For example, to create a user we have to use the same old registration screen that is duplicated practically on any website. The same situation is with a system updating user's balance no one can access balance management system unless certain events in an application triggered the change of that balance (for example user won a jackpot etc).
Knowing who's allowed to access certain parts of the database - we can develop custom signatures for our applications that modify user's account. That will include adding one more column to the database that will store unique signature of a modifying application.
For instance, the only time username can be changed is when the user is created through our registration form. Therefore, the registration form will add its hashed signature to the column corresponding to our username. The hash will also include some other important parts of the user's account being unique for every user.
Here are the steps to generate user specific hash in a database:
The registration screen will take down the following information: date user is created (dd/mm/yyyy), username, email, name, and address. The following string is an example of user identification information generated from the input in the registration form: "29/08/2006, 12:39:2368*JimK*Jim K*435 Shell St.*email@example.com". Where "*" is a separator. The string is hashed using SHA1 algorithm (you can use algorithm of your choice) The hashed result (in our case: "0xBB4E951901FF5DCECE446162D2E5B39BE589363F") is recorded to the table along with the rest of the data.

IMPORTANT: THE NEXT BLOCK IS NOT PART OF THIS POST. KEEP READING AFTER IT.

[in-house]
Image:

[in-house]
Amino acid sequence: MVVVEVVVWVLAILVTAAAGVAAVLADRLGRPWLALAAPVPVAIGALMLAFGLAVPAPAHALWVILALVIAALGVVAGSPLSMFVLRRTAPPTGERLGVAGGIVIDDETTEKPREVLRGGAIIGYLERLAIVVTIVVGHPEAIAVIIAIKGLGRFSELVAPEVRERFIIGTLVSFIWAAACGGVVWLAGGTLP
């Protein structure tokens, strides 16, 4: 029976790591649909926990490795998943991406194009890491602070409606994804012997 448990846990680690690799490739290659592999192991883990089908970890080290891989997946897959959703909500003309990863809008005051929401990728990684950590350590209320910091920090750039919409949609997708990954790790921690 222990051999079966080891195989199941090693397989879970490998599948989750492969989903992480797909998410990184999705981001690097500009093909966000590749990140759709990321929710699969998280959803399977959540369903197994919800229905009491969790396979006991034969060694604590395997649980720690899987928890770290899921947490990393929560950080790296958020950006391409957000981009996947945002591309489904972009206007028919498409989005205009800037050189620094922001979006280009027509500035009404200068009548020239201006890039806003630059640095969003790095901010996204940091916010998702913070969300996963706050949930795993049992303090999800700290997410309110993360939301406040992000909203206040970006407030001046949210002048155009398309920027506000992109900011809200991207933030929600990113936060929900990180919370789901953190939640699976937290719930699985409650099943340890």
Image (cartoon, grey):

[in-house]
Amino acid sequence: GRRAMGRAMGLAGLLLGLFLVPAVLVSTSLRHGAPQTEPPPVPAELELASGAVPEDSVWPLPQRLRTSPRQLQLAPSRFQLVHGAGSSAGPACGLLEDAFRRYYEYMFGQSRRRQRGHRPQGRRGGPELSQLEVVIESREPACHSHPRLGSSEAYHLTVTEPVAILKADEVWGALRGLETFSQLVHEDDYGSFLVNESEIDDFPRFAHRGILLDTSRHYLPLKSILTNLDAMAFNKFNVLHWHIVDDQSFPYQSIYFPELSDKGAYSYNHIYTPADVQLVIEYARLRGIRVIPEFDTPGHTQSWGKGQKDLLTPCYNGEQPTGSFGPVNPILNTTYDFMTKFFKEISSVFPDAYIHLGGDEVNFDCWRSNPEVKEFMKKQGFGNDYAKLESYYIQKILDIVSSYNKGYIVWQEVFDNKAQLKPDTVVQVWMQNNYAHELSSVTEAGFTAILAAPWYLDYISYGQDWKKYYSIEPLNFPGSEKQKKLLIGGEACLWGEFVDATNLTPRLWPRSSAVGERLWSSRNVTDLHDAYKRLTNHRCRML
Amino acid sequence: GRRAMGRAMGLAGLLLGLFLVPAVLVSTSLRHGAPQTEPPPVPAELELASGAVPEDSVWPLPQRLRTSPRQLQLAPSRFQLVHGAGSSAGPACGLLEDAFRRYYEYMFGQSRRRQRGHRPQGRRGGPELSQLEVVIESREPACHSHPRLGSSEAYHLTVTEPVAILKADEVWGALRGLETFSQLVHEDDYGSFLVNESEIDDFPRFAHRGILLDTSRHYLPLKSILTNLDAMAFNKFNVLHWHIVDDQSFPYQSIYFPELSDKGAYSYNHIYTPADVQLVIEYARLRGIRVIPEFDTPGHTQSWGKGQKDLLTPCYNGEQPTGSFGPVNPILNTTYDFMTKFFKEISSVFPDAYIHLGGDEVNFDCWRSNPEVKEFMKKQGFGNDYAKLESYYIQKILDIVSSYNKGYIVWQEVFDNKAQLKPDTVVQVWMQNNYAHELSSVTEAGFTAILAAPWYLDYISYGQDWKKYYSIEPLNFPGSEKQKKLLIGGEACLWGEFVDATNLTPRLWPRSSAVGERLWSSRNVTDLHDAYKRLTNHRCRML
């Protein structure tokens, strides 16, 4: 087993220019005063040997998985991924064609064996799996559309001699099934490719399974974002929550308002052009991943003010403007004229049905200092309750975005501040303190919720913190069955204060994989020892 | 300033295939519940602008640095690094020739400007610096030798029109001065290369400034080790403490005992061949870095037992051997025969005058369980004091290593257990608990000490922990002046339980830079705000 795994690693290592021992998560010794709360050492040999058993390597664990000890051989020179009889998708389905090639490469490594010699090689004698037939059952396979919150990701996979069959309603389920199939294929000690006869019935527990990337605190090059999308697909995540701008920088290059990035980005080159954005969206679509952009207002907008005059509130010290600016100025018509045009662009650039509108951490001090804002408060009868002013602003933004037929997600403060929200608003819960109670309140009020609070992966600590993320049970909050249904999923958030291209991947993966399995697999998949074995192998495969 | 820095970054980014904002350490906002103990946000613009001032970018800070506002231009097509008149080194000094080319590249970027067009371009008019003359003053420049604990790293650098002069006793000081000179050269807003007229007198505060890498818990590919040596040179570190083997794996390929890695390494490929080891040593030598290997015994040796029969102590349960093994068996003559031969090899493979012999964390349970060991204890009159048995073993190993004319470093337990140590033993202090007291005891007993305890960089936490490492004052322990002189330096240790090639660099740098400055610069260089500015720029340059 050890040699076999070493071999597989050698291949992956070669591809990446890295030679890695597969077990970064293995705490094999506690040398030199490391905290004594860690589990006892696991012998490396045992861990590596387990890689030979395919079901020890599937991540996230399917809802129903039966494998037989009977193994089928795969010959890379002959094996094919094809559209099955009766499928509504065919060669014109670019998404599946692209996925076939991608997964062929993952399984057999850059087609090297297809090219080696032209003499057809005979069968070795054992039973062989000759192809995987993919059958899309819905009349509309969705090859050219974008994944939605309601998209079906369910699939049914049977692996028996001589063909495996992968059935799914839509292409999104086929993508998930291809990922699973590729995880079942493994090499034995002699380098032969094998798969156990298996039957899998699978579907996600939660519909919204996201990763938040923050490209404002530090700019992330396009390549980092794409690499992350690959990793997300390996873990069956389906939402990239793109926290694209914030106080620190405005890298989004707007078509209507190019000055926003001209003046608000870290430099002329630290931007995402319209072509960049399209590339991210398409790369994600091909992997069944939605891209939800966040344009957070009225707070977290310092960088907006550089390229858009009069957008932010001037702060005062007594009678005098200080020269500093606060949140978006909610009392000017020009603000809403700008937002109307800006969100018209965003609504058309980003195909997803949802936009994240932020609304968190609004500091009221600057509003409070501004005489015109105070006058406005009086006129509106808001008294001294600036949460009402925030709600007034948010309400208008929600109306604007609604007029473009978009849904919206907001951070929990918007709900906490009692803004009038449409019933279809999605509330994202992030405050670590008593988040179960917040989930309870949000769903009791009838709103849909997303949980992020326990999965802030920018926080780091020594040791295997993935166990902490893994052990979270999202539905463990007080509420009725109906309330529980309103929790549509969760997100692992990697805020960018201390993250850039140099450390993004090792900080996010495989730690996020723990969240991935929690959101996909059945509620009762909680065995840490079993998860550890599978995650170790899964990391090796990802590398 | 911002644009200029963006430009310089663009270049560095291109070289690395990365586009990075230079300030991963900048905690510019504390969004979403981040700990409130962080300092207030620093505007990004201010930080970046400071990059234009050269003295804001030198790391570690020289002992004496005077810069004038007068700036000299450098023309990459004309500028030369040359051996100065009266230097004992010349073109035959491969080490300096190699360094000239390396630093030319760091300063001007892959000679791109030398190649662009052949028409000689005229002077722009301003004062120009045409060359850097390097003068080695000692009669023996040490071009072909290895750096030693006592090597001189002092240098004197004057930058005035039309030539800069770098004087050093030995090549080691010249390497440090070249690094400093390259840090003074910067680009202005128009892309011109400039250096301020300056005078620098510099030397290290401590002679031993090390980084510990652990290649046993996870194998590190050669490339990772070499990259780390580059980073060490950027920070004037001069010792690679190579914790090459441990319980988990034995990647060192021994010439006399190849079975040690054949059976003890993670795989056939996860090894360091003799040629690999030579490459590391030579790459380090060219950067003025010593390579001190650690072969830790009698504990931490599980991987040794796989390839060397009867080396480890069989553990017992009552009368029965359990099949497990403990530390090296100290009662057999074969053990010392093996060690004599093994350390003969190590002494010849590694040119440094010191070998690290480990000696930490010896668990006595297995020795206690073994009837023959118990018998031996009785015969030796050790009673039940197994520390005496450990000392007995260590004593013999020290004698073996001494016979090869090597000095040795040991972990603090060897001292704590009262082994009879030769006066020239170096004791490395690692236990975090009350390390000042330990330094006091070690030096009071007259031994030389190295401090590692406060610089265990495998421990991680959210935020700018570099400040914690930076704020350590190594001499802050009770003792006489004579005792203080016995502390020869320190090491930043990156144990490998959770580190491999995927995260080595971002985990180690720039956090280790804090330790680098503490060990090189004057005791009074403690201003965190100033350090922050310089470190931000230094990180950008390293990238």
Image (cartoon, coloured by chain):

Now that we have created a unique hash for our records any account changes to the information that were not supposed to be made by an authorized application will mean that the data in the database has been maliciously modified. But how do we know that the data has been modified?
There are many approaches to this. We can create a schedule for the user records to be scanned and verified against hash that is in our special column. The scanning is better to be done by another independent system so that when our database is compromised an attacker cannot figure out the hashing algorithm we used along with the string that is expected as an input.
With SQL Server 2005 we can have a scheduled job running any time we prefer comparing original hash value with the one calculated using HASHBYTES (SHA1', @input) function. If the result of our dynamic hash doesn't match the recorded value in a user row the alert is sent to an administrator using Notification Services.
Another approach is to have the integrity of our records checked when it is required. Going back to our e-casino application, whenever user wants to withdraw funds we double check the hash of his current information with the one created earlier.
Of course this solution will not (and should not) replace other security practices available out there. However, it is a nice addition to our multilayer security system.
Feel free to post your comments and feedback here or at firstname.lastname@example.org.